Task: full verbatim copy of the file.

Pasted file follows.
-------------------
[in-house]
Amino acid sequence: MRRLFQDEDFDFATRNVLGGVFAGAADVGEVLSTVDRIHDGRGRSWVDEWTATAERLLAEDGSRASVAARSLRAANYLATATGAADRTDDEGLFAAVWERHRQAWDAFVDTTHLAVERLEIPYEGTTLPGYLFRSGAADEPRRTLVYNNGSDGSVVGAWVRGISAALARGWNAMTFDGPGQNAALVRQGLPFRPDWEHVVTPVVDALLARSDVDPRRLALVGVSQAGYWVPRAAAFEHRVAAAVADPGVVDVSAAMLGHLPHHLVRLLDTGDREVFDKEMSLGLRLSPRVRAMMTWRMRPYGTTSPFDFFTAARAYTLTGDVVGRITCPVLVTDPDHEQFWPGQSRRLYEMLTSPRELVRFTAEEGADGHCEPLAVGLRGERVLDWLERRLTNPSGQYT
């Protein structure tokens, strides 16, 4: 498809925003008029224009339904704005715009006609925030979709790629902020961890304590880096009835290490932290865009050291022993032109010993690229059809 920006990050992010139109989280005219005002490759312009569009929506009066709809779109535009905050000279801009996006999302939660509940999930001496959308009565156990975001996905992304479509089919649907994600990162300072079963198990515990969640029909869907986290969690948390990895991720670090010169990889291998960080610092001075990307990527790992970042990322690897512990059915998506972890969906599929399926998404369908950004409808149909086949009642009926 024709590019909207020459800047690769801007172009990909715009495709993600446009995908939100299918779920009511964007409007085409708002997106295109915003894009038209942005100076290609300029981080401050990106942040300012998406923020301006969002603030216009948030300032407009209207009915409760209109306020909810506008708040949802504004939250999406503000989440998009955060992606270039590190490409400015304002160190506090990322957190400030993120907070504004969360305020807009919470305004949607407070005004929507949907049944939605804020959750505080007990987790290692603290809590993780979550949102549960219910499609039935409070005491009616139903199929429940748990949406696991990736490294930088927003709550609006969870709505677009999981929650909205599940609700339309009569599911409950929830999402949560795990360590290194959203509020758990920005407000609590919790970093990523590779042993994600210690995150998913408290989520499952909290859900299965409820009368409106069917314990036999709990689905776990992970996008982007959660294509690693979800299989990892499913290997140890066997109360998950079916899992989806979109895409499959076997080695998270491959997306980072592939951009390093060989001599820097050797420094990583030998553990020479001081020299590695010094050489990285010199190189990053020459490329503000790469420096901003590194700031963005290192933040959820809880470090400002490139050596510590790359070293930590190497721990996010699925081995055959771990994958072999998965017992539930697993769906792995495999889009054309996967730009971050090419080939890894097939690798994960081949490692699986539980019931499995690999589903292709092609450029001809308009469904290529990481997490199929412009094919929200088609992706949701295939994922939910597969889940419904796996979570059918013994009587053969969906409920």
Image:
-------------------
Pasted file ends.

[in-house]
Amino acid sequence: MRRLFQDEDFDFATRNVLGGVFAGAADVGEVLSTVDRIHDGRGRSWVDEWTATAERLLAEDGSRASVAARSLRAANYLATATGAADRTDDEGLFAAVWERHRQAWDAFVDTTHLAVERLEIPYEGTTLPGYLFRSGAADEPRRTLVYNNGSDGSVVGAWVRGISAALARGWNAMTFDGPGQNAALVRQGLPFRPDWEHVVTPVVDALLARSDVDPRRLALVGVSQAGYWVPRAAAFEHRVAAAVADPGVVDVSAAMLGHLPHHLVRLLDTGDREVFDKEMSLGLRLSPRVRAMMTWRMRPYGTTSPFDFFTAARAYTLTGDVVGRITCPVLVTDPDHEQFWPGQSRRLYEMLTSPRELVRFTAEEGADGHCEPLAVGLRGERVLDWLERRLTNPSGQYT
């Protein structure tokens, strides 16, 4: 498809925003008029224009339904704005715009006609925030979709790629902020961890304590880096009835290490932290865009050291022993032109010993690229059809 920006990050992010139109989280005219005002490759312009569009929506009066709809779109535009905050000279801009996006999302939660509940999930001496959308009565156990975001996905992304479509089919649907994600990162300072079963198990515990969640029909869907986290969690948390990895991720670090010169990889291998960080610092001075990307990527790992970042990322690897512990059915998506972890969906599929399926998404369908950004409808149909086949009642009926 024709590019909207020459800047690769801007172009990909715009495709993600446009995908939100299918779920009511964007409007085409708002997106295109915003894009038209942005100076290609300029981080401050990106942040300012998406923020301006969002603030216009948030300032407009209207009915409760209109306020909810506008708040949802504004939250999406503000989440998009955060992606270039590190490409400015304002160190506090990322957190400030993120907070504004969360305020807009919470305004949607407070005004929507949907049944939605804020959750505080007990987790290692603290809590993780979550949102549960219910499609039935409070005491009616139903199929429940748990949406696991990736490294930088927003709550609006969870709505677009999981929650909205599940609700339309009569599911409950929830999402949560795990360590290194959203509020758990920005407000609590919790970093990523590779042993994600210690995150998913408290989520499952909290859900299965409820009368409106069917314990036999709990689905776990992970996008982007959660294509690693979800299989990892499913290997140890066997109360998950079916899992989806979109895409499959076997080695998270491959997306980072592939951009390093060989001599820097050797420094990583030998553990020479001081020299590695010094050489990285010199190189990053020459490329503000790469420096901003590194700031963005290192933040959820809880470090400002490139050596510590790359070293930590190497721990996010699925081995055959771990994958072999998965017992539930697993769906792995495999889009054309996967730009971050090419080939890894097939690798994960081949490692699986539980019931499995690999589903292709092609450029001809308009469904290529990481997490199929412009094919929200088609992706949701295939994922939910597969889940419904796996979570059918013994009587053969969906409920």
Image: